Township Clerk Stephanie VanSickle said that township officials will not have to have any direct votes on the wind farm project. However, the township will make modifications to its zoning ordinance to take care of land use issues created by the large turbine towers.
VanSickle said that township officials have not received much negative reaction to the wind project since it publicly surfaced last month.
"The debate had been going on for a long time and a decision had to be made," said Dave Schabel, Merritt Township supervisor. "I think the commission made the best decision that they could."
Mary Wells, spokesperson for NexEra, said that officials were surprised and very disappointed by the decision.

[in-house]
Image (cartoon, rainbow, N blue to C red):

"This was the toughest decision they had to make, and hopefully there won't be anymore like this," Schabel said. "It's heavy pressure, does everyone agree with it, no, but they did the best they could." ..."They studied it thoroughy," said John McQuillan, Merritt Township attorney. "That's why the Planning Commission is appointed to make this decision."
Lawmakers may be close to finishing up a state energy plan, but that's not stopping critics from going after details of a requirement in the bills to use more renewable energy.
Although making Michigan less reliant on traditional sources of electricity is seen as a laudable goal, the timeline and price tag of the new renewable requirements are causing disagreements.
Critics say the bipartisan plan being negotiated is "unforgivably expensive." They say they wonder why customers would be charged more up front before seeing extra green power. ..."Too little information on the cost of these bills is being made available to lawmakers," he said.